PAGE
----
The biggest mosque in the Western Cape has closed its doors for the next four weeks in a bid to limit the possible spread of the coronavirus.

Masjidul Quds, in Gatesville near Cape Town, says the decision was taken in line with President Cyril Ramaphosa’s decision to ban gatherings of more than 100 people.

South Africa now has 116 confirmed cases of the virus.

The Mosque’s leaders say its also in keeping with Islamic teachings of preserving human life. The Co-Imam at the Masjidul Quds Sheikh Abduragmaan Alexander says home environments can be turned into a mosque during this period for minimal physical contact with other people.

“At times like this when there’s crises where people are afflicted, it is encouraged for the community to rather isolate themselves and the call to prayer will add two sentences, when the community hears that they will immediately recognise that they are hereby encouraged to rather pray at home and not to come and pray in congregation, because the idea is to contain this coronavirus.”

There has been an increase of 31 new cases, with 6 more  cases of local transmission.



Voluntary lockdown

Residents of the BoKaap in Cape Town have placed themselves under voluntary lockdown.

They say the area is a tourist destination and they are concerned about being infected.

In the video below, SABC’s Craig Marais says despite this however, things to be continuing as normal:

Call for rural awareness drive

Traditional leaders in the Eastern Cape have urged relevant departments to conduct awareness campaigns in the rural areas of the province on the danger and spread of the coronavirus.

They say cultural activities will be closely monitored to comply with the President’s call to take preventative measures.

Public transport

Taxi drivers at the Ballito taxi rank, north of Durban, have called on government and the private sector to collaborate in order to combat the spread of coronavirus in disadvantaged communities. The taxi rank has been equipped with sinks for hand-washing donated by a local businessman.

The donation also includes cleaning services for all taxis. The taxis at the Ballito rank are sprayed and cleaned with disinfectant chemicals before commuters are allowed to board.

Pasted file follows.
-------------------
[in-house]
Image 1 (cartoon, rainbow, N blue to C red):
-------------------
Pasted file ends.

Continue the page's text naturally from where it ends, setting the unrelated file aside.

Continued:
Taxi drivers Msizi Dlamini and Mduduzi Ngobese say they hope similar services will be available to other taxi ranks in other to minimise infections.

Meanwhile, The Dolphin Coast Taxi Association senior rank manager Thabani ‘Raster’ Dube says they have also taken precautionary measures in ensuring that there is only one public entrance so that every passenger can undergo a process of washing hands.

Dube says it is sad that despite the number of confirmed cases in the country, some communities still don’t understand the impact it could have on them.

“Our communities are still not very much clued up about the virus. I have learnt that people need to be educated so they can learn about this virus. Other do understand but most of don’t why they are being forced to wash their hands before entering the taxi rank. Some just complain about washing their hands too much.”

Exposed learner 

Limpopo Health MEC Dr Phophi Ramathuba says the Grade 10 learner from a school in Polokwane was not exposed to a doctor diagnosed with Coronavirus.  Curro Heuwelkruin released a statement citing additional isolation measures taken after the learner’s parents became exposed to the infected patient. Ramathuba, however, says the parents of the learner only had minimal exposure.

“We even categorise that as a very distant cos the child has not spent time with the doctor and the parents of the child have not like had lunch or dinner with the doctor, you see close contact.”